Controlling what colleges call the "cost of attendance"

The Cost of Attendance Hurdle

by Susan M. Sparks

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As parents and students navigate the new expenses of college, one category can take both by surprise. Everything from peanut butter and ramen noodles to bus tickets home can all be lumped into one catchall category otherwise known as Cost of Attendance. (COA).

While many financial aid worksheets touch on COA, it's a category that can lead to serious financial strain if you don't plan for it. Just as we plan for the unexpected with an emergency fund, it's critical that college students have funds set aside for their surprises.

One area that adds up quickly is outside the dining hall. Most students assume the proceeds from their summer job will cover pizza night and football tickets. However, as they settle into their new routine, they may decide that a loaf of bread, a coffee maker, and a jar of peanut butter in their dorm room is more convenient than getting up, getting dressed, and heading to the dining hall before it closes each morning. Most schools have figured that out and have mini marts with overpriced bread, peanut butter, and coffee available at the swipe of a student ID.

If your student can catch a ride to a grocery store or other retail outlet away from campus, they can save on these expenses. Some institutions will allow adjustments to meal plans within the first few days of each semester, so encourage your student to let you know if you should drop the morning meal or adjust the total number of meals for the week in the cafeteria.

Another cost is unexpected transportation. It's difficult for a parent to say no when their homesick student wants to escape dorm life and spend a weekend at home catching up on ten loads of laundry and sleeping in their own bed. Last minute bus or train tickets are pricey, or if you pick them up and return them, you have two round trips worth of gas to consider. Encourage your student to take advantage of rides home shared with others in the area, but there may be times that your student can't arrange to carpool or the bus is sold out.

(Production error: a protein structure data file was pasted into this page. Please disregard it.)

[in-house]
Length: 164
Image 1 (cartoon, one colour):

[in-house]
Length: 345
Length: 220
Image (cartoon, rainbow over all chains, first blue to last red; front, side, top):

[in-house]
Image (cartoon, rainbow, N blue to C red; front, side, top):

Attending school far from home can be exciting, but it also can bring other unexpected expenses, especially if there is a major change in climate. A student that grew up in a temperate environment will suddenly have to adapt if they are attending a campus with extreme weather. Walking across the commons in snow and bone chilling temperatures can be a wakeup call for your wallet, as they need to purchase boots, long underwear, coat, hat, gloves and scarves. It all adds up.

A difficult roommate can also be an unexpected expense. If conditions are frustrating enough, most schools allow students to switch roommates at semester break. If your student planned to split the expense of items such as a dorm fridge, microwave or futon and then needs to move out, they may be in need of an item the previous roommate supplied or reimburse the roommate for items they will take with them.

Despite planning, summer jobs and financial aid, there will be some unexpected college expenses. The best way to be prepared is to encourage your student to communicate regularly, rather than waiting for that panicked phone call home, "Mom, I need some money."

Susan M. Sparks has been a writer and photographer for newspapers, the web and as a contractor for the U.S. Navy. As a military wife and mom, she has organized the family's moves across the world, over 20 moves in 30 years. She created The Student Life Jacket to empower young adults to start successful organizational habits.

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